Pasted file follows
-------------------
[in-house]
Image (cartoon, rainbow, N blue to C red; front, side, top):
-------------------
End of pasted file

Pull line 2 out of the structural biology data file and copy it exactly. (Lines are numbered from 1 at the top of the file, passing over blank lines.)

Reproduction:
Image (cartoon, rainbow, N blue to C red; front, side, top):